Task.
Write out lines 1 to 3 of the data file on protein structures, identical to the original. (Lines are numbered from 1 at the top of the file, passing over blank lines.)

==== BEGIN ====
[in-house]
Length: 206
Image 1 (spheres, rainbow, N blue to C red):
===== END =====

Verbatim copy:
[in-house]
Length: 206
Image 1 (spheres, rainbow, N blue to C red):